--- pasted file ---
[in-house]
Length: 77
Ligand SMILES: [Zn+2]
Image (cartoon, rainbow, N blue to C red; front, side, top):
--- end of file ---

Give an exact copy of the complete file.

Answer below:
[in-house]
Length: 77
Ligand SMILES: [Zn+2]
Image (cartoon, rainbow, N blue to C red; front, side, top):